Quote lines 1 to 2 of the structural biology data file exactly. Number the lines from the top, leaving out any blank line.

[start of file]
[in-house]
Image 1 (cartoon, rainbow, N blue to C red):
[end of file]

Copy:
[in-house]
Image 1 (cartoon, rainbow, N blue to C red):